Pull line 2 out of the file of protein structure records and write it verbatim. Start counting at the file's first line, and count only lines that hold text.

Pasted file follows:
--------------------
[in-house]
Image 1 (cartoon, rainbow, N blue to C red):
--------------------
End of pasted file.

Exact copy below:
Image 1 (cartoon, rainbow, N blue to C red):